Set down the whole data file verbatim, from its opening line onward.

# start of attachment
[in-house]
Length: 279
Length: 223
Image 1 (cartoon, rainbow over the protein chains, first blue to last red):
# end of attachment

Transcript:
[in-house]
Length: 279
Length: 223
Image 1 (cartoon, rainbow over the protein chains, first blue to last red):